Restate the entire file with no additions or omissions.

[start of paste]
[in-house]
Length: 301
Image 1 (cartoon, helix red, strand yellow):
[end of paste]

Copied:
[in-house]
Length: 301
Image 1 (cartoon, helix red, strand yellow):